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A Funeral Thought

Hark! from the tombs a doleful sound

Author: Isaac Watts
Published in 334 hymnals

Printable scores: PDF, MusicXML
Audio files: MIDI, Recording

Representative Text

1 Hark! from the tombs a doleful sound!
My ears attend the cry:--
Ye living men! come view the ground
Where you must shortly lie.

2 Princes! this clay must be your bed,
In spite of all your towers;
The tall, the wise, the reverend head
Must lie as low as ours.

3 Great God! is this our certain doom?
And are we still secure?
Still walking downward to our tomb,
And yet prepare no more!

4 Grant us the powers of quickening grace
To fit our souls to fly;
Then, when we drop this dying flesh,
We'll rise above the sky.

Source: The Voice of Praise: a collection of hymns for the use of the Methodist Church #880

Author: Isaac Watts

Isaac Watts was the son of a schoolmaster, and was born in Southampton, July 17, 1674. He is said to have shown remarkable precocity in childhood, beginning the study of Latin, in his fourth year, and writing respectable verses at the age of seven. At the age of sixteen, he went to London to study in the Academy of the Rev. Thomas Rowe, an Independent minister. In 1698, he became assistant minister of the Independent Church, Berry St., London. In 1702, he became pastor. In 1712, he accepted an invitation to visit Sir Thomas Abney, at his residence of Abney Park, and at Sir Thomas' pressing request, made it his home for the remainder of his life. It was a residence most favourable for his health, and for the prosecution of his literary… Go to person page >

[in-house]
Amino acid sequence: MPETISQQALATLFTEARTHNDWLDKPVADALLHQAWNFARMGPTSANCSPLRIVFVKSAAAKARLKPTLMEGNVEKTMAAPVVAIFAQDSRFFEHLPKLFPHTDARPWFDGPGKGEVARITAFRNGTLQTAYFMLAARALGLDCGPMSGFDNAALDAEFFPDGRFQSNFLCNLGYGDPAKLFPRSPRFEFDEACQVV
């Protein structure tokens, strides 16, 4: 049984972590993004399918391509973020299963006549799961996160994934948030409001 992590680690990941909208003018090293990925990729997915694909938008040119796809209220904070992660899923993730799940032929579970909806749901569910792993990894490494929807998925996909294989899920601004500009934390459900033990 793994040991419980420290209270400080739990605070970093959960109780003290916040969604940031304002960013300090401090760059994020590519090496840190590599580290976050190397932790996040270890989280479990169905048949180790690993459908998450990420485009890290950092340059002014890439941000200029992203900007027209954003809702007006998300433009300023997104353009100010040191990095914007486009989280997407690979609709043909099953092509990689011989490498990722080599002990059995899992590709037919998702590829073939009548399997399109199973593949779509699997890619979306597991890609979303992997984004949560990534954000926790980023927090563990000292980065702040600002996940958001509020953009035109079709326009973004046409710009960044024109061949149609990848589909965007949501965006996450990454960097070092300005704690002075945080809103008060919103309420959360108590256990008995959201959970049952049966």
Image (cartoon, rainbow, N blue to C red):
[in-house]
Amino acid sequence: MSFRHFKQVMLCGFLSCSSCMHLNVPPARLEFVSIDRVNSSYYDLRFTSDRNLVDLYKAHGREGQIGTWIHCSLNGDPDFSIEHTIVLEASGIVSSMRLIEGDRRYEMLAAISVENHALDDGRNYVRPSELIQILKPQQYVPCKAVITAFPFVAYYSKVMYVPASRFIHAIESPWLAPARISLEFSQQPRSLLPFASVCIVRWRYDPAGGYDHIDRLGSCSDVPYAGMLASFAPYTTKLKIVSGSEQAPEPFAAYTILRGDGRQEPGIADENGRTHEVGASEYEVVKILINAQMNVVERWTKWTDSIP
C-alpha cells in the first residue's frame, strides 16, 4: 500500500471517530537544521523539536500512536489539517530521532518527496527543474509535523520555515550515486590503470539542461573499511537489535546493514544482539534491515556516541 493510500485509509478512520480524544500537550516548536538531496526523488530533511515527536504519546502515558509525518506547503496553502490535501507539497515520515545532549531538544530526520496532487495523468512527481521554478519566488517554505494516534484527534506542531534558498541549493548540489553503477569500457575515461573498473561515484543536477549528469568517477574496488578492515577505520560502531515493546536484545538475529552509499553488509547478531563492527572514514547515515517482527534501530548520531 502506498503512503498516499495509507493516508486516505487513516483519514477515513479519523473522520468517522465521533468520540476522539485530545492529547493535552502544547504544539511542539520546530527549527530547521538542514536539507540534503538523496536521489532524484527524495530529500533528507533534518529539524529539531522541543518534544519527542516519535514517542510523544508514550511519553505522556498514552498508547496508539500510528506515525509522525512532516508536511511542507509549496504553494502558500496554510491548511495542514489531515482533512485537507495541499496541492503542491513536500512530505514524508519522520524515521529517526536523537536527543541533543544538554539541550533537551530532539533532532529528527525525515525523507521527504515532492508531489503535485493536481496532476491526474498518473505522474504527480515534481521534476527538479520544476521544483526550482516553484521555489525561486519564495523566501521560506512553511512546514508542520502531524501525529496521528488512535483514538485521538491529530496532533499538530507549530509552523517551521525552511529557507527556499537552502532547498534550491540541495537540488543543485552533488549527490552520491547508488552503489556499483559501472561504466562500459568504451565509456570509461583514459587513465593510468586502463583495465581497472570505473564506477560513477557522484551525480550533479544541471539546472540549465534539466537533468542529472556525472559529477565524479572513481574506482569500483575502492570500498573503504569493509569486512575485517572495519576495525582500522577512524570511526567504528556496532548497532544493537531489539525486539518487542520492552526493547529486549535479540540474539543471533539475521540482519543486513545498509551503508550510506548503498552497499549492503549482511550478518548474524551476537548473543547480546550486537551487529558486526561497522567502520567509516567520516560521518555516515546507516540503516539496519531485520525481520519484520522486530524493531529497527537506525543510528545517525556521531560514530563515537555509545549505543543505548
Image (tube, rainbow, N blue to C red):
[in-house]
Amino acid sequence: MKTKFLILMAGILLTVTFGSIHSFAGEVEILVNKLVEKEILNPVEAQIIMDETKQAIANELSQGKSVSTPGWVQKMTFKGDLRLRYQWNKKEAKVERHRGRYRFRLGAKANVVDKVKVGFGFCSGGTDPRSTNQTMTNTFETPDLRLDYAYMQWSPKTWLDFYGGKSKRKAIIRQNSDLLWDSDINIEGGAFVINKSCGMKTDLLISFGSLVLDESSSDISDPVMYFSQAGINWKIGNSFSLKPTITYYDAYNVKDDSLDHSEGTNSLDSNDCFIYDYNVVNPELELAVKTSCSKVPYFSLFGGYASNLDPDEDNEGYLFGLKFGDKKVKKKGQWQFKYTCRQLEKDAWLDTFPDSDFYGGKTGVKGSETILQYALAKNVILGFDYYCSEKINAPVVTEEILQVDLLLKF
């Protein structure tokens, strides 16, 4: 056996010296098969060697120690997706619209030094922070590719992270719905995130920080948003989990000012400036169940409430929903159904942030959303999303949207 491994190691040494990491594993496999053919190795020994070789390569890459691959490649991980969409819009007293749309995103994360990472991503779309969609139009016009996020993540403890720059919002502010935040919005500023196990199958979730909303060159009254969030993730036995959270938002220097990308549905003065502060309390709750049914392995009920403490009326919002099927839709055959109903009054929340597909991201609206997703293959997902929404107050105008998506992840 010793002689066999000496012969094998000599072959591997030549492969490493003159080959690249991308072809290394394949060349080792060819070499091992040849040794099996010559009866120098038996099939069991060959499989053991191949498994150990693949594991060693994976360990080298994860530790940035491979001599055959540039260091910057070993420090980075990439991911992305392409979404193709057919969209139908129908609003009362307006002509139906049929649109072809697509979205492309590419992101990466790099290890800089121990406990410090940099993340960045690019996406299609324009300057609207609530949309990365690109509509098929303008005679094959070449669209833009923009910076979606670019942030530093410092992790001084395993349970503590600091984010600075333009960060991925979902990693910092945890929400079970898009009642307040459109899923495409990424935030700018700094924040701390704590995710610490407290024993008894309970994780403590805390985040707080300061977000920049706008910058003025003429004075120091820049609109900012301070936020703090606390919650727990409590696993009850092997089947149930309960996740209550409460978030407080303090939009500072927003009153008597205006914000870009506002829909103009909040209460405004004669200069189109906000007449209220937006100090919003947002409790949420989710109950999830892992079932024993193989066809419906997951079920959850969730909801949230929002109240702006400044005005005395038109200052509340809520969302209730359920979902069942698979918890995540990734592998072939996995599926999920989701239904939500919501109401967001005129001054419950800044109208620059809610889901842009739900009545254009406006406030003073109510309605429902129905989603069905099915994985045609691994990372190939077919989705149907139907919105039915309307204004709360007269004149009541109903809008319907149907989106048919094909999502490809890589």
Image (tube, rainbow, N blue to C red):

Text Information

First Line: Hark! from the tombs a doleful sound
Title: A Funeral Thought
Author: Isaac Watts
Language: English
Copyright: Public Domain


Hark, from the tombs a doleful [warning] sound. I. Watts. [Burial.] first published in his Hymns & Sacred Songs, 1707 (edition 1709, Book ii., No. 63), in 4 stanzas of 4 lines, and entitled, "A Funeral Thought." Its use is mainly confined to America, where it is sometimes given as, “Hark, from the tombs a warning sound," as in the Baptist Praise Book, 1871.

--John Julian, Dictionary of Hymnology (1907)



BANGOR (Tansur)

Traditionally used for Montgomery's text and for Peter Abelard's "Alone Thou Goest Forth, O Lord," BANGOR comes from William Tans'ur's A Compleat Melody: or the Harmony of Syon (the preface of which is dated 1734). In that collection the tune was a three-part setting for Psalm 12 (and for Psalm 11 i…

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The Cyber Hymnal #2363
  • Adobe Acrobat image (PDF)
  • Noteworthy Composer score (NWC)
  • XML score (XML)
Philadelphia harmony: a collection of Psalm tunes, hymns, and anthems #5b
  • PDF (PDF)
  • MusicXML (Made with MuseScore) (XML)
The Psalm-singer's amusement: containing a number of fuging pieces and anthems #61


Instances (1 - 2 of 2)

The Cyber Hymnal #2363

The Sacred Harp #162

Include 332 pre-1979 instances
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